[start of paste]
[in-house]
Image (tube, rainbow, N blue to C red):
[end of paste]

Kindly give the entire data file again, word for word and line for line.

[in-house]
Image (tube, rainbow, N blue to C red):